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Reshaping HMRC’s ‘Making Tax Digital’ rollout was inevitable

Posted 5 years ago in Advisors by Gary Turner
Posted by Gary Turner

HMRC today published its consultation response and announced that it is adapting its approach to taking the UK’s tax system into the digital age. As much as we support the overarching vision of the Making Tax Digital policy, it was inevitable that we would see some form of reshaping given the sheer scale, complexity and ambition of the project.

Making Tax Digital is an ambitious digital initiative which begins by providing every UK taxpayer with an online digital tax account and replacing the annual self-assessment tax return process with a new quarterly online update.

One of the most challenging parts of HMRC’s original plan was how they’ll tackle the problem of digitising the financial affairs of millions of small self-employed, sole trader and partnership businesses. From a software product marketer’s perspective this cohort is particularly problematic since most of these entities don’t habitually use accounting software or bookkeeping software, nor do many of them typically employ the services of external accountants or bookkeepers who often guide and facilitate the adoption of accounting software among small businesses as part of their advisory role.

HMRC had banked on the emergence of a new commercial market for low cost or free software tools in time for the April 2018 launch to address this segment but in my view this was always something of an ambitious planning assumption and today’s reversal on the acceptability of using spreadsheets for capturing information is sensible.

Adoption inertia among millions of micro entities

Rough market estimates suggest that of the UK’s total of five and a half million businesses, there are at least 3 million sole traders and partnerships who lie beneath the VAT threshold, and many of these micro entities don’t employ the services of a bookkeeper or accountant and therefore are not represented by an ‘Agent’ in the HMRC context.

HMRC has rightly placed emphasis on minimising the burden of change placed upon those such businesses by MTD which at least equates to expecting software providers to offer free or ultra-low cost MTD ready software tools.

In addition to the prospect of limited scope for revenue or monetisation, software vendors will be required to invest money to both market to and to encourage these micro entities to discover and adopt their new MTD products, since being listed on an HMRC directory of MTD ready products won’t alone drive sufficient awareness nor adoption momentum.

Coupled with the need to also provide an ongoing service and support provision to these clients will result in more cost being borne by the software provider who may be forced to seek alternate monetisation routes such as selling on personal data to third parties or by cutting costs to the bare minimum in areas like quality of service or ensuring customer data stored safely and securely.

None of which makes for a very compelling market opportunity for software vendors to rush to satisfy, or at least satisfy in a way that both supports the HMRC’s objectives without potentially compromising sole traders by forcing them to choose from a number of poor or compromised products.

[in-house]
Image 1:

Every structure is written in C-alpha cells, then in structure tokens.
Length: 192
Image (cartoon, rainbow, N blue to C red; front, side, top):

Structural market issues can’t be ignored

The old distribution economics, high cost and inherent complexity of the last generation of desktop accounting software largely prevented it from addressing the needs of this category, hence the most popular accounting software platform in the UK over the last thirty years is Microsoft Excel.

It follows that if the UK’s micro entities have long eschewed accounting software for very good reasons, then effecting behavioral change among this community will not be trivial and it will take time to prove and establish such a large change, and other methods should therefore be considered.

Cloud technology certainly addresses a portion of the cost of distribution element of this problem, but it doesn’t naturally follow that all the other points of inertia can be overcome profitably by the software industry without more time, effort and collaboration between the accounting software community, accountants, bookkeepers and HMRC.

Make no mistake, the world is going digital and that simply must include the operations of state as well as commerce. This is not an optional endeavour.

However in my view, in order for this vision to be fully realised HMRC needs to better harness the best product marketing brains the software industry can field in conjunction with the accounting and bookkeeping industries to arrive at a roadmap where every stakeholder; government, accounting professionals, technology providers but, principally, UK businesses can all sign off on something that will deliver for digital progress for ALL stakeholders, not just HMRC.

Today’s consultation response from HMRC is a positive step.

The UK can and must realise its digital future and as passionate advocates for a digital future we recognise that Xero has a role to play and we’re committed to do so in any way we can.


Deborah Evelyn
February 4, 2017 at 2.07 am

Will Xero be producing a module for us to do quarterly returns to HMRC, please?

Nadine Charles
April 14, 2017 at 2.36 am

I’d like a reply to @Deborah Evelyn’s question also, please…

April 26, 2017 at 3.08 am

I cannot see that Xero currently support VATMOSS reporting for non-VAT registered businesses – will this be added soon?

Also, are there any plans to be able to handle all of the various international digital VAT rules (I deal with e-customers from New Zealand, Australia, South Africa and Russia). None of the current accounting packages seem to address those countries (and more are adding rules similar to EU Digital VAT!)

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